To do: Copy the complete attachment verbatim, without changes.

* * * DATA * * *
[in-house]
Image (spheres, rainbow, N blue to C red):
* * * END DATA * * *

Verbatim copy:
[in-house]
Image (spheres, rainbow, N blue to C red):